In three days, Steven VanRoekel will leave his post as the U.S. Chief Information Officer and help coordinate the administration’s response to the Ebola virus outbreak in Western Africa.
VanRoekel, a former Microsoft executive who helped launch the original Xbox and Windows XP while in Redmond, spoke today at the GeekWire Summit in Seattle and shared his thoughts on how technology can help the effort to stop the deadly disease.
VanRoekel first noted how healthcare workers have to wear bulky Personal Protective Equipment suits that were designed to be used in lab environments — not sweltering summers in Western Africa.
“The doctors I’ve talked to can spend 20 to 40 minutes in these things when they actually need to work 12-hour shifts [in Africa],” he said.
In response, the U.S. government last week launched a grand challenge for the private sector to innovate a cooling system for the suits. It is also placing body sensors on healthcare workers to collect data that will provide data on body temperature changes.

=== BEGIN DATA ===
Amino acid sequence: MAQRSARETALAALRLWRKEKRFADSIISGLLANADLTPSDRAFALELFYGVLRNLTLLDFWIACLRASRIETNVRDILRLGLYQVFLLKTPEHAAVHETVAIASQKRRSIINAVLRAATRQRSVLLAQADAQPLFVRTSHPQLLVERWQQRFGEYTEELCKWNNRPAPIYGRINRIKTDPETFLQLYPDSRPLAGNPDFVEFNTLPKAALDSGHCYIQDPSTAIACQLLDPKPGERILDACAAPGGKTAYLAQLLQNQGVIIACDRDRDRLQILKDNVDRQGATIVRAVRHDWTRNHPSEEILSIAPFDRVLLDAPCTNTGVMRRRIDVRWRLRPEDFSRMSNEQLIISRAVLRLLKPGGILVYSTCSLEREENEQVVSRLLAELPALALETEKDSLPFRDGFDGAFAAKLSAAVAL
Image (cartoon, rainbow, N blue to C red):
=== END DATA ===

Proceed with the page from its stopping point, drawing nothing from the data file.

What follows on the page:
VanRoekel also noted how communication can be improved, whether it’s between workers or sending out text message blasts in targeted ways to citizens in different countries.
“We want to be more coordinated in changing behavior and are exploring that whole realm,” he said.
Finally, VanRoekel said that there’s work to be done in the big data realm.
“Modeling certain behavior, modeling movement based on cell phone signals, understanding how you can frontload aid supply to clinics based on certain populations — we need to get in front of this,” he said.